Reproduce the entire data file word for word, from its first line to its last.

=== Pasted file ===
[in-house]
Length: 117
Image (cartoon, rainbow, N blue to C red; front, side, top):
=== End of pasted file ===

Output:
[in-house]
Length: 117
Image (cartoon, rainbow, N blue to C red; front, side, top):